King Gizzard and The Lizard Wizard – I’m in Your Mind Fuzz

King Gizzard and The Lizard Wizard – I’m in Your Mind Fuzz

Postby CAP » Sat Mar 14, 2015 2:12 pm

Again, the kind of 60s-ish psychedelic brew that I have always been a sucker for – and still with the wild animal thing going. This newish band hails from Melbourne and towards the end of last year did some well-received gigs around London. Maybe they’ve even relocated there by now. I should keep up with these things. Anyway, here’s their first album – I’m in Your Mind Fuzz. I find the vocals a bit limited and irritating on repeated listening and they don’t quite have the melodic grasp of someone like Pond (remember Pond?) but they do have a great sprawling enthusiasm that enables them to sound like garage bands, British R&B and a whole clutch of ‘underground’ bands from the era (Jethro Tull ><Canned Heat – the flute!)

That’s the most exciting thing about these bands digging into the past – they’re never precious or revivalist about their inspiration – it gets remixed in the most unexpected ways, so that they happily riff on The Young Rascals as much as Buffalo Springfield or whoever. It has a period inspiration, but it’s so mangled and mashed you actually hear something quite different, for a later generation’s wanderings. I love it. I think bands like Ty Segall and friends, Thee Oh Sees, remember Sic Alps? Wooden Ships – there’s a lot of it about, but it never feels stale or predictable.

That’s tradition in a good way. :D

Digressing for a moment, for some reason I don’t get this buzz with the wave of so-called Zombie Formalists – similarly returning to old issues of abstraction and gesture for painting. In theory, there ought to be a similar sense of rediscovery. Talking with a much younger acquaintance about the merits of Oscar Murillo for instance, I tried to float this comparison, with limited success. Murillo’s stuff seems thin to me, in that you get the abject materials thing, the sub-Schnabel captions, and desultory drop-sheet accretions, but it points too much to Schnabel. If you want to look to the 80s, then I think you should be mixing in say, Haring with Taaffe (in his Bridget Riley phase) as well as looking back to dudes like Tapies and Burri for a richer brew. So far I don’t get that generosity or imagination from Murillo. Mostly I get the the big scribbly thing with a crayon or whatever cut up and reassembled/sewn but looking fairly perfunctory as negating gesture. Actually what it reminds me of is the kind of scribble you do when you’re trying to get a ballpoint pen to work on some spare paper, blown up to an extravagant scale.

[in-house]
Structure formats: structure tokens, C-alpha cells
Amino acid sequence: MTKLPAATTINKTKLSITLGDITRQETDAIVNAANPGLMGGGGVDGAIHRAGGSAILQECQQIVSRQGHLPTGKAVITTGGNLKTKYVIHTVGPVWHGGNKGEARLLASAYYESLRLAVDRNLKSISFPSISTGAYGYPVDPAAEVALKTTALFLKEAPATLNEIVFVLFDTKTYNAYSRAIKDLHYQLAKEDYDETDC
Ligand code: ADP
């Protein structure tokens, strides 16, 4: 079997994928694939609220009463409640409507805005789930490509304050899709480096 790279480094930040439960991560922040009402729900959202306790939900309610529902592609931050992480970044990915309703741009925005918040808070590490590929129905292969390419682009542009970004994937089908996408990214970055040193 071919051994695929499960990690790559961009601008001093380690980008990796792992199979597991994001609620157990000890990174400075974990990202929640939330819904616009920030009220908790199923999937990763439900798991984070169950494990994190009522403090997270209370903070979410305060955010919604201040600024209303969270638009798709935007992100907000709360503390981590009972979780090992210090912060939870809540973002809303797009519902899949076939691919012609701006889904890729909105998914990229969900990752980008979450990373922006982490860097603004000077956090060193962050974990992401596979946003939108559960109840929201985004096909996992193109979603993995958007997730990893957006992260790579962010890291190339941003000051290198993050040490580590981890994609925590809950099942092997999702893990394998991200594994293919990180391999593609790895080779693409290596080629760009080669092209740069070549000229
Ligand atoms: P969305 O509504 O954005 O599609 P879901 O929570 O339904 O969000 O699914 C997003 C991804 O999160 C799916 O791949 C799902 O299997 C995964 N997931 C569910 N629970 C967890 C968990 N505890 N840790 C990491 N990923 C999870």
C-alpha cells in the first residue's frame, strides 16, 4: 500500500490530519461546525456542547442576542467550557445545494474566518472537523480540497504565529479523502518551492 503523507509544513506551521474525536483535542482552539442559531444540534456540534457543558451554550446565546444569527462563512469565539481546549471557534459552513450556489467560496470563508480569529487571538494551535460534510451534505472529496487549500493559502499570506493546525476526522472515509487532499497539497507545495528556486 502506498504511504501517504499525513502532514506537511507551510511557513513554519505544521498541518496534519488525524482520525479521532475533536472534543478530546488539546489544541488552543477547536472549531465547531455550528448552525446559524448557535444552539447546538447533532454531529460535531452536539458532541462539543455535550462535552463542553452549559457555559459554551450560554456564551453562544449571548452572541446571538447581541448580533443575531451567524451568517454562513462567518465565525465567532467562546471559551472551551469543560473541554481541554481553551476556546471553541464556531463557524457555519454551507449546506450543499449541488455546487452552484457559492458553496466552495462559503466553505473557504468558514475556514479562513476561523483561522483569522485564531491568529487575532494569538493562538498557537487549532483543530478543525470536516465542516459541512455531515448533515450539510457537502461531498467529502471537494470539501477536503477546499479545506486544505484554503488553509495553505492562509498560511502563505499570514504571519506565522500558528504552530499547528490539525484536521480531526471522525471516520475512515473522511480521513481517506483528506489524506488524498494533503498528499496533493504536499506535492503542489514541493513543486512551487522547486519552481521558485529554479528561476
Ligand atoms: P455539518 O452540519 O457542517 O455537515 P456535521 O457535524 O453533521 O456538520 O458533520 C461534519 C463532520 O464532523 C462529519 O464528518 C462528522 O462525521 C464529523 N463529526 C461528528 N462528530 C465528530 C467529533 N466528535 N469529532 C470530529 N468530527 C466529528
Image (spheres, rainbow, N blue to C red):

But apparently there is a younger generation that find this mark-making valid or compelling, so I might be just showing my age – in the visual arts at least. But I tend to think Murillo is small beer all the same. ;)
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